Dr. Amy Rogers, from Northern California, herself a writer and reader of the genre, saw the need for a site with such a focus and it currently features Amy's first on-site interview with C J Lyons, author of 'Lifelines.'

Good luck with the site, Amy. Thriller fans everywhere will be hoping the good ship Science Thrillers has a long and fruitful voyage.

Saturday, September 11, 2010

Sci-Fi - Why?

Ever wondered why science fiction is referred to as "sci-fi", but mystery fiction isn't called "mi-fi," thriller fiction isn't "thri-fi," romantic fiction isn't labelled "ro-fi," historical fiction isn't "hi-fi" - okay, so that one's already 'owned' by the music industry, but why not "his-fic" (too much like hissy fit?) or...there's nowhere else to go with that one, but I gather you get my drift.

If you haven't wondered about the above, then I guess you are now.

I'm wondering what I might have stumbled on to here? Is this a literary form of bias against one of our greatest fiction genres? If there's racism in our world (and sadly, there is), if there's sexism in our world (tick that one as well), if there's ageism in our society (been on the receiving end of that little nasty), then is there in fact yet another, hidden evil that lurks among them...fictionalism?

What about women's fiction that's referred to as "chick-lit", you ask? Okay, but that one's deserved (no bias here.)

I admit labels can be fun -  and for those poor, impoverished souls who visit bookstores and libraries and ask the staff what would be a good read, or can they recommend so and so - then possibly labeling could be very useful.

So what works?

Here's a few random suggestions:

For teenage romantic vampire fiction - how about "te-va-ro-fi"?

For fictional showbiz biography-type sagas - "sho-bi-fi."

For spy fiction - "spi-fi" (with my little eye.)

For supernatural drama - 'su-dra."

The more I write about this idea, the less I like it, and the less sense it makes.

Maybe the real reason science fiction is known as "sci-fi" and/or "s/f", is because it's a mark of reverence for a genre that stood apart, and alone, for many decades until it was embraced and interwoven with other genres and with the mainstream. It's blazed its own trail, a homage to its pioneers - Verne, Wells, Rice Burroughs and others - and to its leading lights - Asimov, Clarke, Wyndham et al - pushing boundaries, and illuminating the infinite possibilities not just of the universe around us but of the ingenuity within us.

And that seems like a good enough reason to me.

Saturday, September 4, 2010

Rejected? Dejected? Why not try this cheap and easy cure?

I admit to being one of those poor unfortunates, always throwing their hands up in despair and giving up. Later on, optimism kicks in and I'll go all out to give it another go. After all, I remind myself, if Don Quixote could go around tilting at windmills, then why can't I...I'm starting to look like 'ol Don might've looked anyway...

In today's world you can't look left or right without being exposed to yet another self-motivational sales pitch, speech or article, but you know what? I don't mind, I need the encouragement, and I suspect I'm not the only one.

There's always room for just one more "inspirational, rags-to-riches, beat the odds, don't let the bastards get you down" pep talk.

Okay, so it's best to avoid them if they're from those self-serving, self-deluded, manic "send me your money and I'll reveal the secret of how it makes me rich" con artists. Permission granted to ignore those guys, in fact permission granted to let 'em rot in their dead-of-night tv ad zones or their locked room, hyperactive $500 per head, once-in-a-lifetime seminars...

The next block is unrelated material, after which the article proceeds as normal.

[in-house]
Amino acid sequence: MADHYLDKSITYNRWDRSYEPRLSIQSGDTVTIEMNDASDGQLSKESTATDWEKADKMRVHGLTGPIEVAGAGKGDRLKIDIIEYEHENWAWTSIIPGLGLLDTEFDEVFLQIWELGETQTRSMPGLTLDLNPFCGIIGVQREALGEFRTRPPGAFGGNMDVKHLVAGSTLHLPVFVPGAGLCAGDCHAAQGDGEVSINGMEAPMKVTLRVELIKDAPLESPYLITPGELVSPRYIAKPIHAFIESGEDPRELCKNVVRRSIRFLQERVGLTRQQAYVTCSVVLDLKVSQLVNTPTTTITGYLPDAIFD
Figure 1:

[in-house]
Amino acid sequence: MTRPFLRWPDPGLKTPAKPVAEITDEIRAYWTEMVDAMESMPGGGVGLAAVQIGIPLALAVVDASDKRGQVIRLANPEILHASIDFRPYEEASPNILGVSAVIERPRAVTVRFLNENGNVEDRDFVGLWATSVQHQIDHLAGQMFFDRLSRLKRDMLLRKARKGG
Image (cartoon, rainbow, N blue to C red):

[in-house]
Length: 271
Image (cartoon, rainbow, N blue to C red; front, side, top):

It's the genuine, proven, humble and sometimes spiritually enlightening true stories that I'm really referring to, and which serve us best when we need a lift without feeling that we're being conned and conning ourselves in the process.

The good news is that the genuine underdog-makes-good stories are out there, we just have to wade through some crap in order to find them.

Most writers, and readers, have heard the story of how John Grisham's first agent spruiked his early novel 'The Firm' to every publisher in the U.S. and got knocked back by all of them (or something like that.) This indefatigable guy then started doing the rounds again and second time around he "struck pay dirt." Certainly qualifies as not-taking-no-for-an-answer, doesn't it? And that's something that every writer, and this one especially, needs as a constant reminder.

When Walt Disney lost the rights to his first successful cartoon character, Mortimer, he got back up, dusted himself off, and created a new character (a little fella by the name of Mickey Mouse.)

If you haven't heard those stories before, then you have now (this blog is also educational.)

At the other end of the spectrum there's someone like Nelson Mandela, imprisoned for twenty-six years for opposing the apartheid regime in South Africa. During that time the story of his struggle and his incarceration became a beacon to the groundswell of anti-apartheid sentiment around the world.

Mandela was released to an international hero's welcome in 1990. A patient, intelligent, articulate, inspirational man, he harboured no bitterness, spoke for peace, and went on to lead his nation through great change.

In between those three extreme examples, there are millions of tales of people from all walks of life who've fallen over, got up, dusted themselves off, and carried on.

Years ago, in a small way, I experienced this when I submitted my short suspense fiction to magazines. Each story was sent out two, three, four...sometimes a dozen times...and on a semi-regular basis one of them would find a home. It rarely happened on a first submission.

On a few occasions a story sold to a magazine, which had previously rejected it under a different editor. (Idiot!) Being rejected didn't matter. Being knocked down didn't matter. Giving it the 'ol Don Quixote was what really mattered. You don't have to a Mandela or a Disney or a Grisham to be inspired by their true stories.

And think about it. You've experienced something like this, perhaps in a small way, perhaps in a very big way, at some time. We all have. And yet, despite that, it seems the dogs of doubt are always on our tails.

That's why I never mind hearing another persistence-pays-off story. I need the reminder.

If you have a story of your own or know of a good one, feel free to share. (But keep it brief, I'm the only one allowed to ramble on this blog.)

Remember, David beat Goliath, the tortoise beat the hare...

Oh, and welcome to 'Take It As Read,' a new blog on the block about writing, publishing and the whole damn thing.